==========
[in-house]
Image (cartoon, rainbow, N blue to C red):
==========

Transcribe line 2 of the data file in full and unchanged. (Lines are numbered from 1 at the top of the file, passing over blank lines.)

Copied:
Image (cartoon, rainbow, N blue to C red):